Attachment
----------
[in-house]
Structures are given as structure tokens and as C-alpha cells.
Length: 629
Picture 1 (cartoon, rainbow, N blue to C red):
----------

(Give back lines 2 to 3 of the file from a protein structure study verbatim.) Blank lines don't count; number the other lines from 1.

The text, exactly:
Structures are given as structure tokens and as C-alpha cells.
Length: 629